Even for the same subject area, there are quite different structures. As well as NOSs, the UK has what are called “subject benchmarks”, which are more for academic courses rather than purely vocational ones. The QAA‘s Subject benchmark statement for “Agriculture, horticulture, forestry, food and consumer sciences” has this structure:
- 8 very general “abilities and skills”, such as “understand the provisional nature of information and allow for competing and alternative explanations within their subject”
- other generic skills divided into
- intellectual skills
- practical skills
- numeracy skills
- communication skills
- information and communication technology (ICT) skills
- interpersonal/teamwork skills
- self-management and professional development skills
- “agriculture and horticulture”,
- “the agricultural sciences”,
- “food science and technology”.
Both the subject-specific and the generic skills have descriptions for what is expected at three levels: “threshold”, “typical”, and “excellent”. While this is an interesting and reasonable structure, the details of the structure do differ from the NOSs in the same area.
We have also to reckon with the fact that just about any of a tree’s smallest branches can in principle be extended to even more detailed and smaller ones by adding thinner twigs. It might be tempting to try this with the Tuning competences, as talk about the “principles of law”, and how they linked with other “knowledge”, begs the question of what principles we are talking about and indeed how they are linked. However, in practice this is unlikely, because the Tuning work is intended as a synthesis and reference point for diverse academic objectives, and typically every academic institution will structure their own version of these competences in their own different ways. Another way in which two similar trees may differ is the number of intermediate layers, together with the branching factor. One tree may have twenty “thinner” branches coming off a “thicker” one; another tree may cover the same twenty by first having four divisions, each with five sub-divisions. There is no right or wrong here, just variants.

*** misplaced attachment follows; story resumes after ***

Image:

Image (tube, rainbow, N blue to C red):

A simple way of representing many tree structures is to document the relationship between elements that are immediately larger and smaller, or broader and narrower. And recently, there seems to be a significant consensus building up that relationships from the SKOS Simple Knowledge Organization System are a good start, and may be the best known and most widely known relationships that fit. SKOS has the relationships “broader” and “narrower”: the broader competence, skill, or knowledge is the one that covers a set of narrower ones. The only thing to be careful about is that the SKOS terms come from the librarian’s BT and NT — that is, if we write “A broader B” it does not mean “A is broader than B”, but the opposite, that A is associated with a broader term, and that broader term is B. Thus B is a broader concept than A. Then, to use SKOS in the way it is designed to be used, we need identifiers for all the terms that might occur as “A” or “B” here. Each identifier would most reasonably be a URI, and needs to be clearly associated with its description.
This general purpose structure of URIs and SKOS relations seems to be sufficient to represent the basic aspects of most aspects of the competence structures I have mentioned or referred to, beyond the concepts and definitions themselves. We will next look at more advanced considerations.